Demolition of the creamery building

Demolition of the building located at 17 3rd St. NW, Aitkin, was performed by Nelson Lawn and Landscape in early April. It was home to the last operating creamery in Aitkin that closed in 1971.

As the demolition occurred, passers-by stopped to observe, capture pictures and collect a brick or two as a token of the past. Now, an empty lot is all that remains of the former home to the last operating creamery in Aitkin.

The property, located at 17 3rd St. NW, Aitkin, is currently owned by Keith Nentl. The demolition of the building was performed by Nelson Lawn and Landscape in early April. Nentl said there are no definite plans for the future of the site. Meanwhile, others reminisced on a time when the butter industry was a way of life.


Following the stock crash of 1929 came bank foreclosures and a huge loss in farm prices. Farmers found solace in Aitkin County because of the great quality of cheap land available through purchase, or their relatives’ ownerships.

Between the world wars (1918-1945), a system of self-sustained working of the farm arose, and large families were able to live off the land. There was a balance of self-sustained farming built around the five to 15 cows a farm typically had.

In the early 1940s, the economy in Aitkin County revolved upon butter. Creameries accepted good quality cream two times a week from Hill City, McGregor, Palisade and Aitkin. An estimated 1-2 million pounds of butter was manufactured in the county during that time.

The cream check paid for farmers’ groceries and gas. The separated skimmed milk fed pigs, young stock and chickens. This, plus large gardens, wild blueberries, cranberries and wild rice, and the abundance of grouse, deer and fish made the farms self-sustaining.


The Hakes family has a history in the cream industry (see the timeline). Herb E. Hakes, and his brother, Jay Hakes, entered the dairy business in the late 1890s. Herb’s sons, Hugh, Ken and Boyd followed in his footsteps; all eventually became creamery operators.

Boyd Hakes worked for over 50 years in the butter business before retiring from the Mutual Creamery in 1979. He died in 1990. Boyd’s daughter, Jennie Hakes, serves as president of the Aitkin County Historical Society. She still remembers how her father smelled when he came home from work wearing his white coveralls and paper hat. “Just like butter!” she said.

As a child, Jennie had a great time rolling down the can rollers outside the creamery building. It was operated by her father and both Jennie’s brothers worked there throughout high school. “I recall when I was very little Pa would pick me up and threaten to throw me in the big butter churn – all in fun, of course,” she said.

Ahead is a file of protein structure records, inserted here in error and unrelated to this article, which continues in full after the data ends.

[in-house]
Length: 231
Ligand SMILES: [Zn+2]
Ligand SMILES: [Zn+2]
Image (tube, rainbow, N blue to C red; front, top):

The creamery was the local source of pasteurized milk, cream and butter, serving many Aitkin townspeople and nearby summer resorts. It manufactured butter from cream and salt, in addition to a buttermilk by-product.

“I do remember the office area and buying milk for 45 cents a gallon,” Jennie said.  “My dad would bring home the buttermilk for the chickens –this was what was leftover after churning, and it used to be washed down the drain, so it could be had for free. It is not what they call buttermilk in the stores today.”

Also working with the Mutual Creamery for a number of years were Con Ecklund, Hugh and Kenneth Hakes, Axel Paulsen and Myron Kast. “The creamery really had three successive locations – the second in what is now called the Butler Building (which my dad eventually bought) and third, the building across the street,” Jennie added.

The operation had five divisions: receiving, pasteurizing, churning, printing and office. Receiving controlled the quality of raw materials, determining the grade of butter manufactured, with due care taken to ensure farmers were paid fairly for all the butterfat delivered.

Milk was brought to the creamery every day by the farmers and then they had a quick cup of coffee and a visit at Ziske’s next door. When the cream can entered the creamery, it was weighed, stirred,  sampled for a butterfat test and graded. Any cream unfit for human consumption  was marked with red dye and returned to the producer. The remaining cream was dumped into the receiving tank where each patron’s cream was pumped separately into the pasteurizers.

“My dad worked so hard and as a kid, I did not appreciate how tired he could get, and how strong he had to be. He dumped milk and cream cans and often his hands were burned with acid from cleaning the cans,” Jennie said, adding, “It was very sad to see that building that my dad kept so clean and organized go to ruin, and finally, torn down. I managed to retrieve three bricks when I saw they were starting the demolition.”


Around the time Boyd graduated from high school, there was a creamery every 30 miles that pasteurized milk and made butter. “It was a good art and something I thought would go on forever,” Boyd wrote in a letter transcribed by Jennie following his retirement.  

However, because of government subsidy of milk powder that started in WWII, the era was over when the creameries closed. When Boyd first came to the Aitkin area in 1940, there were over 1,000 area farmers milking cows. When he retired, there were fewer than 100.

“In driving through the countryside, you cannot help but notice the empty barns and silos that once made homes for farm families,” Boyd wrote. “I knew of 300 cream producers and the Co-op Creamery had 700. These farms have been replaced by service industries like cabins and tourism.”